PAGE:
Well, actually the tax expenses, which you currently see in our P&L is mostly the adjustments for deferred tax assets. And as of the end of June, we almost utilized in full this deferred tax assets, which were created in the end of 2011. So practically, in the third quarter, we've only around $0.4 million to be in the P&L for the third quarter. And as a result, our maximum tax expenses in the third quarter would be $0.4 million.

Edwin Mok - Needham & Company

And then on the revenue recognition part on the incentive a little more, right. So basically you also talked about some new products and, therefore, typically it has a little more expanded revenue recognition time horizon. Is it fair to say then that you expect your shipment in the coming quarter to be above your guidance range that you've provided because of this extended revenue recognition? And which products are you seeing that? Is it just the new product that you guys have recently announced or is it T600, can you help us with that?

Dror David

Yes, currently only the new products have their revenue recognition which extends routine customers' acceptance. All the other products mostly recognized shipments and these product -- these new products are the T600 and the 2600 for the 3D interconnector. Definitely these revenue recognition aspects relates only the new products.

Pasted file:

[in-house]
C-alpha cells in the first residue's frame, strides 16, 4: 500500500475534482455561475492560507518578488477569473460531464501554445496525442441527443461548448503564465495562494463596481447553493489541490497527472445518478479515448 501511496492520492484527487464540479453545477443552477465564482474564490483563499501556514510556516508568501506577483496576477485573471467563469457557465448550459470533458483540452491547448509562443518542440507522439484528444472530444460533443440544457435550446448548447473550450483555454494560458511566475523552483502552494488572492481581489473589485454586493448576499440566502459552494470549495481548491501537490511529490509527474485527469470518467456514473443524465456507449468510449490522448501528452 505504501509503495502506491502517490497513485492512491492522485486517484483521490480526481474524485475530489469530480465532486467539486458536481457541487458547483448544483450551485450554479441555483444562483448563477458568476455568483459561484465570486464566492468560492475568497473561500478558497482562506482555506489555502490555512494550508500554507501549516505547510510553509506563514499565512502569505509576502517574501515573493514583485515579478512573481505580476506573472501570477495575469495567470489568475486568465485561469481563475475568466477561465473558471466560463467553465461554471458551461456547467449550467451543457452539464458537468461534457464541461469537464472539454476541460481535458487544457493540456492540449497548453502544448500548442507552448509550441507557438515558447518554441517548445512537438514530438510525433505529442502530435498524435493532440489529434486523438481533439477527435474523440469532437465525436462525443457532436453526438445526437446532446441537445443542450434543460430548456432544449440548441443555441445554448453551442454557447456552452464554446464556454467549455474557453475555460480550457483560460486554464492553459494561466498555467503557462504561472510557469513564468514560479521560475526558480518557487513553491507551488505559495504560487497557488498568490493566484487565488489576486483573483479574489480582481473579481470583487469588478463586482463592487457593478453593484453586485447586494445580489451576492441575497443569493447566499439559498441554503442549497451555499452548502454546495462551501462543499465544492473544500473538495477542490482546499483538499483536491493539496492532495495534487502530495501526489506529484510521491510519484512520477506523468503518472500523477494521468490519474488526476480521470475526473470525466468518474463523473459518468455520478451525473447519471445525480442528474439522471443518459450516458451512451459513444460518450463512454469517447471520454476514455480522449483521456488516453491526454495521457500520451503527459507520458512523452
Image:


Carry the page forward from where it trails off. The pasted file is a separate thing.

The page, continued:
And with regard to the shipments, it mostly depends on the level of the bookings which also impacts the book to bill, but definitely given the fact that some of these products are already installed and working at customer sites waiting for acceptance, in the last quarter we did three shipments which are relatively high.

Edwin Mok - Needham & Company

Just to clarify, sorry, I jumped on late for the call and you have mentioned big gain, but what's your booking about the revenue on the June quarter now which your book to bill about one in the June quarter and how this booking trend (inaudible) in the September quarter?

Dror David

As you know, we don’t provide book to bill information when specifically, right. So, I'll say that it's hovering around the one, but we're not going to be able to give specific numbers book to bill in the quarter.

Edwin Mok - Needham & Company

Okay, that’s fair. Then Gabi, maybe if you can help us a little bit about your new product that you recently announced right on the 3 I/C how was your reception from customer and of the -- you unwrapped some for more detail recently, right? What is the customer feedback have you gotten from the customers on the product? If you can help us just to understand where you're at in terms of progress on number of customers that you have -- has either received the tool or how in discussion, that will be helpful?